Tear Down the McMansion, All Hail the McMunchkin Home… with No Electronics?
There is a new trend for uber-tiny homes, but electronics are curiously missing from them. Integrators need to be prepared with lifts and other solutions to hide technology for these mini-homes.
Chuck Schneider · March 27, 2014
Can you design a whole house control system for a home only scantly larger than a maximum security prison cell? Can you plan a smart home so miniscule it makes a double-wide mobile home feel like San Simeon?
A domicile where a 27-inch LCD dominates a room could be coming to your world sooner than you think. Former New York City Mayor Michael Bloomberg may have lost his battle to ban the Big Gulp, but just prior to leaving office late last year he took the wraps off what he considers one of his greatest achievements—a building in Midtown that will contain over 50 apartments ranging in size from 250 to 370 square feet each. Rents are expected to start at just over $900 per month.
New York, despite having legal residences of at least 400 square feet for decades, is not the birthplace of this phenomenon that nationwide city planners and developers insist is not a fad, but rather a rapidly accelerating trend. Tokyo, Osaka and many European cities have also had these “micro-lofts” for some time as well. In the United States, Seattle leads the way with San Francisco, Austin, Denver and Chicago not far behind.
I know what you’re thinking and you’re right…you could have guessed which cities are leading the way on this trend. It certainly seems to be a blue state phenomenon with a pinch of green consciousness tossed in for good measure. And yes, in large part it’s being led by Zip-Car Millennials who are likely to still be single, have as yet no real roots, and are naturally drawn to the magic of a city.
But if this is a lifestyle choice of someone in their mid-20s, what’s going to get them to leave all this for the boring burbs 10 years from now with lots of electronics? This is something to ponder because these kids could be your potential customers.
Welcome to the Small House Society
This movement is not just for kids, and it’s not all whale savers either. Welcome to the Small House Society, a rapidly growing group of over 60,000 people who extol the value and virtue of “Better Living Through Simplicity.”
The opening paragraph of their website reads, “Founded in 2002, the Small House Society is a cooperatively managed organization dedicated to the promotion of smaller housing alternatives which can be more affordable and ecological. Our desire is to support the research, development, and use of smaller living spaces that foster sustainable living for individuals, families, and communities worldwide.”
OK, that does sound a tad tree huggy but not radical board-the-fishing-boat extreme.
There are links aplenty on the Small House Society website. The most valuable and worth looking into for the CE community are the builders’ websites. The two builders that appear to have their ducks in a row are the Tumbleweed Tiny House Company based in Sonoma, Calif., and Colorado Springs, and Four Lights Tiny House Company, also headquartered deep in the wine country of northern California.
Each of these companies has pages and pages discussing the tiny home movement but the rubber meets the road when they show off their plans in detail. The house plans are well thought out and even better laid out with a surprisingly large number of options considering the total square footage starts at 117 and grows no larger than 874.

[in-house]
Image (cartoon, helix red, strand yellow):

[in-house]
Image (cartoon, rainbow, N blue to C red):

Both builders take a number of cues from the mobile home industry (indeed, many can be built with wheels) and cruise ships/luxury rail staterooms. Think smaller appliances and built-in multi-purpose Murphy bed styled fixtures.
Where are the TVs?
As I browsed the pages of both company’s full color, Robb Report-quality catalogs, one thing really stood out: In no picture of a fully furnished room did I see a single television. That can’t be a coincidence.
These are not the “Jewel Box” new homes filled with automation and electronics Gordon Gekko and his minions are supposedly building as all Baby Boomers are forced to downsize. Jewel Boxes? More like thumb drives if we are making an accurate size comparison.
There are clearly challenges to designing relevant A/V, home theater, whole house entertainment/convenience and security for a tiny home. Multi-purpose structures and thoughtful use of hydraulics just begin the scratch the surface. An exhibit at the Museum of the City of New York has a full size working model of a mini apartment that shows all sorts of folding and sliding stuff including a television. It almost looks like two different apartments, literally day and night.
The time to start is now in order to stay ahead of the curve and be ready when those first customers tell you they’re thinking of building a tiny home. Tumbleweed Houses has two-day relatively inexpensive workshops scheduled all year from coast to coast. Attend one before your competition does and get a first-hand taste of the movement.
And don’t be surprised if your first query isn’t an uber-money manager type of client who wants one on the back lot of the McMansion property just because his/her significant other found them adorable. No matter the end game or net worth, you’ll be prepared.
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Chuck Schneider is a freelance writer with a long history in consumer electronics. He started and restarted his award-winning manufacturer’s representative firm - Value Added Marketing - and was also a vice president and general merchandise manager for a multi-regional CE chain, as well as a buyer for Lechmere's (a division of Target). Today, he is a freelance writer. Have a suggestion or a topic you want to read more about? Email Chuck at email@example.com
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